The rest of the day was spent in a series of workshops and discussions on writing, being adaptable (and accepting rejection), and a Q&A panel. It was a very insightful day, though a bit long for me, leaving me to skip out on the after-event pub session.
The conference was a great opportunity to connect (and re-connect) with other Information Science academics. I was very pleased with the programme’s offerings as there were several papers that were of great interest to me. I especially found great interest in listening to the methods others are using for their research as I am keen to consider new modes of investigation for my own future work. (Though I must finish that darn PhD first!!)
I have been given the opportunity to submit an extended version of the paper for review as a full journal article. I will be working on that article over the next few weeks and hopefully, I will have some good news to share about its acceptance before the end of the year. In the meantime, the slides from my conference presentation are below. (Please get in touch if you have any questions about the presentation or my research as a whole.)
Oh! And as a wee inside joke, I developed a new model to share at the end of my presentation. For those familiar with the contentious topic of “not another [censored] model”, this is a funny thing. Trust me.
Like many people, I look forward to attending conferences because I am excited to hear presentations on papers and current research. However, this conference was more than that for me. This was an opportunity to meet with other academics to discuss my research, our common research interests, and potential collaborations. In fact, my overall goals for this conference were aimed at building my academic confidence and further my researcher networks.
In preparation for the conference, my PhD supervisor (Professor Hazel Hall) and I created a flyer detailing the Centre for Social Informatics (CSI) at Edinburgh Napier University. This way, I had something (other than a business card) to share with people who were interested in potential collaborations with me or others in the CSI. It was also a useful hand-out for the night of the University Reception, where Hazel and I (wo)manned an information table for the CSI that we shared with two other Scottish universities (University of Strathclyde and the University of Glasgow).
Dr Roued-Cunliffe met a couple of times over the course of the conference and she provided me with some great insights (leading to increased confidence!) for how to explain different aspects of my research. There are a few parallels to our academic journeys (which are quite different!) and it was refreshing to hear the views and opinions of someone who seems to have a good understanding of some of my concerns. I was so grateful for her input at the conference and am even more grateful that she has agreed to keep in touch, should I have any future questions or challenges that I want to run past her.
The rest of the colloquium session was quite useful in a “general” PhD manner. Whilst we didn’t speak directly about our individual research projects or thesis-related questions, we did engage in some useful round-table discussions about life as a researcher and academic life in general. In addition to the doctoral students, there was a good group of established academics with a range of experiences. The one-on-one meetings with Dr Roued-Cunliffe were probably more useful in the short-term, but the discussions (and, importantly) the connections with other academics and doctoral students will certainly prove to be invaluable in the longer term. (I’m too focused on the short-term right now, as I am preparing for my major write-up time!)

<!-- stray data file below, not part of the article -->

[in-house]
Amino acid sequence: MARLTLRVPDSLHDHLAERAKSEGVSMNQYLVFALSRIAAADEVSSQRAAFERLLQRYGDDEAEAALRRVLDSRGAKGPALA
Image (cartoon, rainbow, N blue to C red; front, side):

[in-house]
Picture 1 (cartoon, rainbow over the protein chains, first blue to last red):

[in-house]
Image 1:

I attended a variety of paper sessions and talks over the course of the conference, too. Whilst they were all quite interesting, my favourite sessions were (1) Digital Sociology and Information Science Research and (2) New Takes on Information Behaviour. The first session was a great opportunity to talk about the changing climate of information studies, with inclusion of “digital” interests in other domains (in this case, sociology). It helped to remind me that there are many crossovers from information science into other disciplines—something I have long known, but I still struggle to fully appreciate. The second session was about information behaviour, but my main takeaway was new takes on methods of investigation for information behaviour studies. And when I think about the two sessions combined, I think that it would have been very interesting to have a round-table discussion about digital sociology’s role in information behaviour. (Just think about the interesting research methods you could come up with there!)
The conference was also a very social one. There were lunches and evening receptions each day, but as most people were staying at the conference hotel, even breakfast was an opportunity to meet with other conference-goers. In fact, some of my greatest networking moments happened whilst waiting in the queue at the omelette bar!
ASIST really was a great event for me, and I am so pleased to have been able to attend. I have come away from the conference feeling a bit more confident about my own place within the international Information Science family. I have also come away with some great ideas and insights for how best to explain some of my research in my thesis. And I owe it all to Cilip and the John Campbell Trust!
I won’t be attending any more conferences until next year now, but I do have a few lectures and one-day workshops and training sessions to look forward to. Of course, there’s also a question of that pesky PhD thesis that needs (a great deal of!) my attention. I am pleased to say that I am feeling very motivated at the moment though, so hopefully, I will manage a great deal of writing over the next few months.